"Why are you troubled?"

If living a stranger to Christ, you may well be troubled. The thought of death, and judgment to come; may well give you trouble. If this is your condition, God grant that your trouble may be greater and greater, until you find rest in Jesus.

This little paper may be put into the hands of a doubting Christian. To such an one these words of Jesus have peculiar application. (Luke 24:38, 39.) Jesus alive from the dead, speaks these words, "Why are ye troubled? and why do thoughts arise in your hearts? Behold my hands and my feet." What tender love is this! Blessed Jesus! He had said unto them, "Peace be unto you;" and it touched His tender heart that there should be trouble or a thought in their hearts! How could such deep, sincere love bear to be doubted? He had loved them unto death; His very body had been broken on the cross for them; His very blood had been shed for the remission of their sins; as their Substitute He had died the accursed death of the cross for them — the Just for the unjust. One had denied Him, and all had forsaken Him. But now God had raised Him from the dead, for their justification. And now the object of His eternal desire was accomplished — redemption was finished. His heart, overflowing with unutterable joy, had found vent in those ever-precious words, "Peace be unto you;" how could He then bear a cloud of trouble, or one doubting thought, in the hearts of those He had so loved? Oh! it makes my heart melt whilst I look at Jesus and hear those divinely sweet words, "Why are ye troubled? and why do thoughts arise in your hearts? Behold my hands and my feet."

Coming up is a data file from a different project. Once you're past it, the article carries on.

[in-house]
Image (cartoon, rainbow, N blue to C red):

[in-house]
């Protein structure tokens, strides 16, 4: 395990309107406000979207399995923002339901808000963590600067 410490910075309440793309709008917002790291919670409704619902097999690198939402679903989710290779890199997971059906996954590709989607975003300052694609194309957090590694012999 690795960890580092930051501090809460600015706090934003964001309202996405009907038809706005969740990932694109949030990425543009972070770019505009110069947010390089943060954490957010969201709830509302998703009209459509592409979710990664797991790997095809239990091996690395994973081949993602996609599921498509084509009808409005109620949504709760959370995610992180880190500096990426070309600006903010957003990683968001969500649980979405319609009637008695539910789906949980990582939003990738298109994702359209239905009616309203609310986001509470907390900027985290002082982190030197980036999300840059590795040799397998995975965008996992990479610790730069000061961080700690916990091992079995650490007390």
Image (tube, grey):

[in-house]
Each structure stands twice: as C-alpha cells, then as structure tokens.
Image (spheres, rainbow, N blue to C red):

My reader, do you believe that that agony and shameful death of Jesus, the spotless Son of God, on the cross, was for your sins — that He was delivered for your offences — and that, having endured their utmost penalty, God raised him from the dead for your justification? For this is true of every sinner that believeth. Yes, and if you are brought by the Holy Spirit thus to trust in Jesus alone, then it is true of you; and these words are written for you. With a heart still filled with joy, Jesus says, "Peace be unto you." Like Peter, you may have denied Him; or, like the rest, you may have forsaken Him; but look at Him, listen to Him; oh! what words of love — yes, love that cannot bear to be doubted; and words to you: "Why are ye troubled? and why do thoughts arise in your hearts?" How do you answer these words of Jesus? Do you say, I am such a vile, ungrateful sinner? He says, "Behold my hands and my feet;" now look at them, what do you think about those wounds on the risen body of Jesus? Do they not speak peace to your troubled conscience? "The blood of Jesus Christ cleanseth us from all sin." Oh! yes, my fellow-believer, Jesus feels keenly every doubting thought that arises in our hearts.

Blessed Jesus, Thy work is finished; here our souls rest. Our sins were laid on Thee; they cannot be laid on us. On our account wrath was on Thee; on Thy account it is peace, endless peace, to us.

May my reader hear the words of Jesus, "Go in peace, and doubt no more." He does not say, Look at your faith or your feeling — He does not say, Look at your sins or your failings. We might look at them in despair. But He says, "Behold my hands and my feet;" as though He had said, Is it not enough? could I love you more?

C.S.